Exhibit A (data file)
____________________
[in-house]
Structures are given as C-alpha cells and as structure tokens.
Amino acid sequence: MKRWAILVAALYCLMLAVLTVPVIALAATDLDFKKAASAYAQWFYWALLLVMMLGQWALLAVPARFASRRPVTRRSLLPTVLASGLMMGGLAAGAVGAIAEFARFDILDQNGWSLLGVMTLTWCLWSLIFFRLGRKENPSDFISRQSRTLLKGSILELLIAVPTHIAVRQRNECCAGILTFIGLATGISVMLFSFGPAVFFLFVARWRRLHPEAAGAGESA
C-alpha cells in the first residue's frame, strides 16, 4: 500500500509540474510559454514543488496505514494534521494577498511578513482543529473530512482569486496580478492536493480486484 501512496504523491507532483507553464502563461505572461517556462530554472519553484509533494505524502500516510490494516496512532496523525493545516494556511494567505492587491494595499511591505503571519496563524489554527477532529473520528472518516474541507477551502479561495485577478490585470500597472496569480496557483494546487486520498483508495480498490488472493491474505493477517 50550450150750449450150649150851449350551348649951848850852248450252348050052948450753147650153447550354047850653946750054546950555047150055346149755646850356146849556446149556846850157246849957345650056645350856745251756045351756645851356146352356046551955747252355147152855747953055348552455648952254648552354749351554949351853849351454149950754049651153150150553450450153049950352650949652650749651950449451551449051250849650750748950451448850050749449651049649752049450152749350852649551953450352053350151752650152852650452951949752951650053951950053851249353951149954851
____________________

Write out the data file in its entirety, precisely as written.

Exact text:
[in-house]
Structures are given as C-alpha cells and as structure tokens.
Amino acid sequence: MKRWAILVAALYCLMLAVLTVPVIALAATDLDFKKAASAYAQWFYWALLLVMMLGQWALLAVPARFASRRPVTRRSLLPTVLASGLMMGGLAAGAVGAIAEFARFDILDQNGWSLLGVMTLTWCLWSLIFFRLGRKENPSDFISRQSRTLLKGSILELLIAVPTHIAVRQRNECCAGILTFIGLATGISVMLFSFGPAVFFLFVARWRRLHPEAAGAGESA
C-alpha cells in the first residue's frame, strides 16, 4: 500500500509540474510559454514543488496505514494534521494577498511578513482543529473530512482569486496580478492536493480486484 501512496504523491507532483507553464502563461505572461517556462530554472519553484509533494505524502500516510490494516496512532496523525493545516494556511494567505492587491494595499511591505503571519496563524489554527477532529473520528472518516474541507477551502479561495485577478490585470500597472496569480496557483494546487486520498483508495480498490488472493491474505493477517 50550450150750449450150649150851449350551348649951848850852248450252348050052948450753147650153447550354047850653946750054546950555047150055346149755646850356146849556446149556846850157246849957345650056645350856745251756045351756645851356146352356046551955747252355147152855747953055348552455648952254648552354749351554949351853849351454149950754049651153150150553450450153049950352650949652650749651950449451551449051250849650750748950451448850050749449651049649752049450152749350852649551953450352053350151752650152852650452951949752951650053951950053851249353951149954851